Artist of The Month

Kathleen Junker pauses in her studio surrounded by several works in progress.

Kathleen Junker pauses in her studio surrounded by several works in progress.

Talent results when you pursue an interest

LaVerne Kyriss

Kathleen Junker doesn’t believe it when people tell her they have no talent. “Talent is what results when you pursue an interest,” she explained. “People say, ‘Oh, I can’t draw’ or ‘I can’t paint. I could never do what you do. I’m not good at that.’ ”

She believes that if you’re interested enough in something to try it and keep on trying, you will get better at it. Junker started drawing when she was a little girl in South Dakota. She remembers always drawing: “I used to draw on newspaper. I’d give people different hair, eye glasses, and beards, whatever. I didn’t have art supplies—-just newspapers and a pencil. My drawings as a child were no better than any other little kid’s drawings. If I’m better as an adult, it’s just because I never lost interest. I just kept at it and my talent is a result of that continued interest.”

Junker, however, never painted until she became an adult. “I love to work in oils,” she said. “First of all, it’s nostalgic for me. My dad painted in oils and I love the smell. It reminds me of him,” she reflected, noting that her dad died when she was 13.

“Oil works for me. I just jump into a piece. I don’t know where I’m going. I work on a piece for three or four hours and then I put it aside for a few days to let it dry,” Junker explained. “I go back and work on it some more and let it dry for another few days. I usually take a third pass before I’m satisfied, but I can get mired down in the details and keep working on a piece for a long time. Oils let me have that freedom to keep working on it.”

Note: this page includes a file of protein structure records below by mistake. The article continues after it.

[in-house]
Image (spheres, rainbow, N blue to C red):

Junker reflected that she’s tried other mediums such as watercolor and acrylic and other formats including tile work and pottery, but always returned to oil painting. Today, she’s trying to work on painting more regularly—-every day or two days. “This requires me to have multiple projects going at one time so that some can be drying while I’m working on another piece.” Her current study is of jack rabbits. “I was only introduced to them when we moved to SaddleBrooke in 2014. They fascinate me,” she said.

She credits taking classes with Titus Costanza through the SaddleBrooke Fine Arts Guild with helping her gain a new perspective on painting. “I used to just paint. I never had a method. I love vivid colors and I’d just throw color out there until it looked great.” Titus taught her to break shapes down into angles and planes and to see the varying degrees of light and dark, she said. “His approach is very methodical. He also taught us to use just eight to 10 colors of paint and to mix what we needed from these. I look forward to soon getting back to that Friday morning group.”